The City of Powell will have a series of two or three citywide power outages at night this week to allow crews to make repairs to the city’s damaged substation.
The planned outages will run from 12 a.m. to 4 a.m. early Wednesday morning, early Thursday morning and possibly again on Friday morning, said City Administrator Zack Thorington.
“Sorry for the inconvenience this will cause and thank you for your understanding,” Thorington said in a statement.
City officials notified utility customers of the plans by phone and email on Monday morning.
Powell Electrical Superintendent Steve Franck said the outages will allow contractors to remove old underground 15,000-volt conductors at the Vining Substation, which were the cause of the fault that led to a fire at the substation in June.
Forensic engineers determined the fault was somewhere in the cable, but the city won’t know precisely how the cables caused the problem on that fateful day until they pull them out during the planned repairs. All the city knows at this time is the short went to the breaker and voltage regulators, which caused an explosion that ignited oil in the regulators and caused the fire on June 29.
Workers will need to enter underground vaults, which have all the city’s electrical circuits running through them.
“The power needs to be turned off to safely perform the work,” Franck said.
While the city has been in the some of the highest average temperatures of the summer season — when many residents rely on air conditioning — Franck said the work needed to be done now, with the city still running on a damaged system.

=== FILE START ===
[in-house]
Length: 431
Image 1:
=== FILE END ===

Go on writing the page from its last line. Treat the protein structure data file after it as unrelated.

“On the hottest days, our system is struggling without having all of the significant pieces of the substation in operation,” Franck said.
With temperatures at night falling into the 50s, he said it will be cooler for city residents when they’re without any power.
After the series of nightly outages, the substation is expected to be back to normal. Any further outages would be minor, Franck said.
Last week, the city energized some new equipment inside the substation, which Franck said is a milestone in the effort to repair the facility.
The repairs are roughly estimated to cost $210,000 and they’re expected to be covered by the city’s insurance, Thorington said. If the work hadn’t been covered, the money would have needed to come from the city’s enterprise funds, which are funded by revenues generated by the electrical service.
The June 29 fire left the entire city without power for several hours. The city experienced another outage on July 24 as a result of the damaged substation, when the system became overloaded during high afternoon temperatures.